Assistance dog worth her weight in gold
We all know the saying – dogs are a man’s best friend. Now that friend is being put to work, with assistance dogs proving vital in rehabilitation and helping develop life skills.
Dr Gretchen Good is a senior lecturer in Rehabilitation in the School of Public Health at Massey’s College of Health. Dr Good and her husband Dan Nash adopted baby Leo in 2008 and, three years later, added three-month old Tiffany to their family.
Both children have Down syndrome, and other related heath complications. Leo, now seven, is vision-impaired, and doesn’t speak, while both he and four-year-old Tiffany share orthopaedic problems.
Earlier this year, the family welcomed a new addition, Caz, a three-year-old black Labrador, specifically trained for the family through Assistance Dogs New Zealand.
Dr Good, herself, used to be blind but regained her vision after a staggering 23 operations. “While it hasn’t been a barrier to me in developing a career, getting a PhD and moving to New Zealand from the USA, I don’t want my kids’ disabilities to be a barrier for them. And that’s where Caz helps.
“We thought long and hard about the pros and cons of adding a canine family member to our lives. We know at times it can be hard work, but we believe she will add to our quality of life.”
And she already is, says Dr Good. “Caz is worth her weight in gold. She has made it easier to stop the kids from running off, especially in dangerous places like car parks. She has improved their exercise levels and helped with Leo’s chronic stomach troubles. Walking more has improved both kids’ sleep, which in turn improves our sleep.”
It's a dog's life ... with some different challenges
And there are other advantages to having a furry companion. “Her main job is to keep the kids safe but she also has the job to provide love, affection, acceptance and companionship to Leo and Tiffany. She can be a social magnet, attracting other children and promoting positive relationships. Leo and Tiff are different and sometimes other children and adults see those differences as negative or something to be afraid of. Now they have a best friend in their dog and may get more friends because of Caz.”
But it’s not all fun and games for Caz and the kids. “We work hard on sign language, speech therapy, reading, writing, social skills, dressing, eating, vision-related therapies for Leo, music therapy, dance and swimming lessons. We want our kids to have every opportunity for an independent, happy, productive life. Caz can add even more enrichment to their lives, help keep them safe and help us be better parents.
“Our children can’t develop independence in a natural progression because of their physical limitations like vision, hearing, speech, fatigue and low muscle tone. Caz can provide actual physical assistance and can motivate a tired child to keep going. She can even alert us if someone wakes in the night or falls.”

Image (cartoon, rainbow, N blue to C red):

Dr Good says Caz is also helpful at medical appointments for the kids. “She can provide a distraction during medical procedures and motivation during speech therapy. And it’s been proven reading to a dog provides great benefits. A child sitting next to a dog, petting their fur, while reading aloud literally lowers blood pressure and other stress factors.”
Paying it forward
Caz is an assistance dog, which is different from a therapy or companion dog. Assistance Dogs New Zealand, a charitable trust since 2008, has about 23 working dogs throughout the country, mostly helping children in families. They train eight to 10 dogs a year for all types of disability.
Founder Julie Hancox graduated with a Post-graduate Diploma in Rehabilitation from Massey University in 2005. She says, “It has been an extremely rewarding journey, meeting families that are struggling in so many ways to help their children that have a disability to learn and grow now, so that they might find a secure place in society in the future.
“Seven years on we have children that have progressed from being tethered to their assistance dog for safety reasons, to handling their assistance dog independently whilst accompanied by a parent or guardian. That’s a big development from a child that once couldn’t be trusted to not run impulsively out onto the road.”
Julie Hancox says the waiting list for an assistance dog is around two years with families asked to help raise money towards the cost. “Each family raises money, which then goes towards their own dog’s completion of training and the start of training for another dog for the next family in need. It really is very much a ‘pay it forward’ system.
So far the family has raised just over $9000 via Give A Little. Dr Good says the $20,000 target is a bit overwhelming but estimates that the service for each team over their lifespan will cost around $50,000. “We are not fundraisers. We are parents. Anything people can do to help is so gratefully appreciated.”
You can donate via Givealittle here: https://givealittle.co.nz/cause/assistdog4two
All donations go directly to Assistance Dogs New Zealand. For more information on Assistance Dogs New Zealand: http://www.assistancedogstrust.org.nz/
You can watch Gretchen Good and her family on One News' Good Sorts here: https://www.tvnz.co.nz/one-news/new-zealand/good-sorts-caz-the-dog-could-almost-be-a-third-parent?autoPlay=4754650346001
Created: 15/02/2016 | Last updated: 15/02/2016
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